Image credit:

16 Nations Set All-Time Heat Records in 2015. Here's an excerpt from Weather Underground's Jeff Masters - a full post is coming on the long list of jaw-dropping records: "...In addition to being the warmest year on record when averaged over the entire globe, 2015 was also notable for all-time extreme heat records. Sixteen nations or territories tied or set all-time records for their hottest temperature in recorded history in 2015, and two (Israel and Cyprus) set all-time cold temperature records. For comparison, only two nations or territories set all-time heat records in 2014, and nine did in 2013. The most all-time national heat records held by any year is nineteen in 2010. Most nations do not maintain official databases of extreme temperature records, so the national temperature records reported here are in many cases not official. I use as my source for international weather records researcher Maximiliano Herrera, one of the world's top climatologists, who maintains a comprehensive list of extreme temperature records for every nation in the world on his website..."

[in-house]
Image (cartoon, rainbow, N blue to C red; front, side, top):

Map and data courtesy of Weather Underground and climate researcher Maximiliano Herrera.

El Chapo Speaks. Here is a clip from the already-infamous Sean Penn story at RollingStone: "...This would be the second prison escape of the world's most notorious drug lord, the first being 13 years earlier, from Puente Grande prison, where he was smuggled out under the sheets of a laundry cart. Since he joined the drug trade as a teenager, Chapo swiftly rose through the ranks, building an almost mythic reputation: First, as a cold pragmatist known to deliver a single shot to the head for any mistakes made in a shipment, and later, as he began to establish the Sinaloa cartel, as a Robin Hood-like figure who provided much-needed services in the Sinaloa mountains, funding everything from food and roads to medical relief. By the time of his second escape from federal prison, he had become a figure entrenched in Mexican folklore..."